What Did Jesus Sing at the Last Supper?
Well, Holy Thursday is upon us and the Paschal Mystery right around
In honor of the feast, I thought I''d post a little something on Jesus
and the Last Supper.
It is widely recognized that the Last Supper was a Passover meal and
that the Jewish Passover liturgy included special hymns drawn from the
book of Psalms. These hymns were known as the Hallel Psalms (meaning
"Praise" psalms), and consisted of Psalms 113-118. We find a fleeting
reference to them in Gospel accounts of the Last Supper. After
identifying the bread as his "body" and the wine as his "blood," the
"And when they had sung a hymn, they went out to the Mount of Olives."
(Matthew 26:30; Mark 14:26).
Now, this is interesting to highlight, for at least three reasons.
First, on a totally subjective level, it is just cool to think about
Jesus singing at the Last Supper. Like any other Jew in the first
century, he would have known how to chant the Psalms in Hebrew,
especially the famous Hallel psalms. This is an aspect of the Last
Supper which is often overlooked.
Second, on the level of Jesus'' self-understanding, the fact that he
sang the Hallel psalms at the Last Supper is potentially very
revealing. As is clear from the accounts of the Last Supper, at this
final meal Jesus reconfigured the traditional Jewish Passover around
his own passion and death. He shifted the focus of this Passover away
from the "body" of the Passover lamb, which was offered in the Temple,
and the "blood" of the lamb, which was poured out by the priests on
the Temple altar (see Mishnah, Pesahim 5). In its place, he put his
own body and blood, which he commanded the disciples to eat and drink
(Matt 26; Mark 14; Luke 22; 1 Cor 11).
As the great Lutheran scholar Joachim Jeremias pointed out long ago,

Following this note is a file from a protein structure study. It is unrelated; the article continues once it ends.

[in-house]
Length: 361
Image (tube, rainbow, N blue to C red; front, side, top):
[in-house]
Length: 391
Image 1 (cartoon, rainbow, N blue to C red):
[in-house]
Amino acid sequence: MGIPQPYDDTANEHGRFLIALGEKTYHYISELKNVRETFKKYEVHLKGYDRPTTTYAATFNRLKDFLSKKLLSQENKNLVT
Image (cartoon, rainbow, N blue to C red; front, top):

by means of this final "parable," Jesus identified himself as the new
Passover lamb. And, as every first century Jew would have known, the
Passover sacrifice was not completed by the death of the lamb. After
the lamb had been sacrificed in the Temple, you had to eat the Lamb.
As with the old Passover, so with the new: You had to eat the flesh of
the Lamb. Not just a symbol of the flesh, but the flesh itself.
But I digress. (We''ll deal with all that in my book on the Jewish
roots of the Last Supper.) Back to the psalms that were sung by Jesus.
When we actually look at the Hallel Psalms themselves, we find
something very striking. We find a window into words which were not
said at the Last Supper, but sung. Since we don''t have the space to
quote them all, I will give you just one. As a good Jew, at the Last
Supper, Jesus would have sung the following words:
The snares of death encompassed me, the pangs of Sheol laid hold on
me; I suffered distress and anguish. Then I called on the name of the
LORD; "O LORD, I beg you, save my life!"... For you have delivered my
soul from death, my eyes from tears, my feet from stumbling; I walk
before the LORD in the land of the living...
What shall I render to the LORD for all his bounty to me? I will lift
up the cup of salvation and call on the name of the LORD... O LORD, I
am your servant; I am your servant, the son of your handmaid. You have
loosed my bonds. I will offer you the sacrifice of thanksgiving...
(Psalm 116:3-4, 8-9, 12-13, 16-17)
This is remarkable. Not only does it reveal the script of Jesus'' own
anguish and passion, it also links salvation not just to his death but
to "the cup of salvation." Moreover, he refers to the sacrifice
offered as a "sacrifice of thanksgiving." In Hebrew, this word is
todah. The common Greek translation of todah is, of course
eucharistia. It is a thank-offering for deliverance from death.
Third and finally, on a more personal level, as a Catholic I find this
image of Jesus singing the Last Supper to be very powerful. The
reason: even today the Mass itself is sung. (We''ll see this in a big
way Saturday night at Easter vigil.) In fact, although most of us are
used to hearing the Mass "said," this is really its ''low'' form. In
actuality, the Mass, like the Last Supper which it makes present is a
song, the "new song" of the Lord (cf. Rev 14:1-4). The whole thing can
be sung, because the whole thing is in fact a song. In fact, at the
Last Supper, Jesus even sang about his mother: "I am your servant, the
son of your handmaid" (Ps 116:16). And so do we Catholics, down to
this very day. Mary, "the handmaid of the Lord," is mentioned at every
Mass, just as she was at the first.
So, when your remembering the Last Supper this evening, remember that
it was sung. And while you''re at it, you might also note which
Responsorial Psalm will be sung tonight in every Catholic Church
throughout the world: that''s right, Psalm 116! The very Hallel Psalm
Jesus himself sang at the Last Supper! (Just a coincidence, I''m sure.)
Wishing you all a Sacred Triduum.